Acosta also asked Fauci if he would have confidence in Trump’s ability to respond to Covid-19, if it’s still a threat, or another public health emergency.
“If you look at the history of what the response was during the administration, I think, you know, at best you could say it wasn’t optimal,” Fauci said. “And I think just history will speak for itself about that.”
Trump attacked Fauci publicly, suggesting at one point he was considering firing him, and by the end of his presidency, Fauci was largely sidelined.
Fauci admitted last year that it was “uncomfortable” when drugs such as hydroxychloroquine were promoted as treatments for Covid-19 when it wasn’t evidence-based, and that he takes “no pleasure at all in being in a situation of contradicting the President.”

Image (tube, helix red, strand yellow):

He called it a “liberating feeling” to be able to “talk about what you know, what the evidence, what the science is,” without fear of repercussion.